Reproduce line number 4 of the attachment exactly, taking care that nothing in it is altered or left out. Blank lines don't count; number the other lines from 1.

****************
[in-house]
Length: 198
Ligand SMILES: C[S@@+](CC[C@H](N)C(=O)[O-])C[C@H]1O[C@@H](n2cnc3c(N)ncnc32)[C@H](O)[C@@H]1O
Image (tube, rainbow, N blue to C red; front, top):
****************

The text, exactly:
Image (tube, rainbow, N blue to C red; front, top):